Internet Explorer remains the dominant Web browser because it comes as the default choice for every PC, but those who actually choose what browser they want rarely go for IE. Microsoft's latest offering may change that mindset. Internet Explorer 9 revitalizes the IE interface like no other recent launch before, to something that makes it look like a brand new browser. It has a slimmer, sleeker look and feel that provides even more page real estate than any other competing product.
Microsoft has shown its ability to bring a fallen platform out of the grave. A couple years ago, its search engine was literally dead. No one used it anymore. But then it launched Bing and it has grown more than any other search platform over the last several months, by far.
Like search engines, it is very difficult to grow . Users choose a browser and stick to it. There aren't many who choose a different browser on Tuesday than they chose on Monday. And given how big of a shift it is to go to a new browser, it's even more difficult to get a user to go back to one they used before.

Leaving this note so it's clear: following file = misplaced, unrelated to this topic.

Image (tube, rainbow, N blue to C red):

But Microsoft did it with Bing, and maybe they'll do it again with IE9. There's no smoking gun here, but obviously the software giant knows it cannot just rest on its laurels anymore.
With HTML5 support, Microsoft knows what's hot. With a brand new graphics-rendering tech spec, it will be able to play multimedia content in a very seamless, powerful way.
Every browser has its faults. The game is trying to make as few faults as possible. IE9 will be the most up-to-date browser when it launches hopefully sometime this year or early 2011, so it stands a chance at getting user attention back to the Microsoft platform.